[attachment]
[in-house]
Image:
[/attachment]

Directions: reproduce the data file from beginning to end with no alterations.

[in-house]
Image: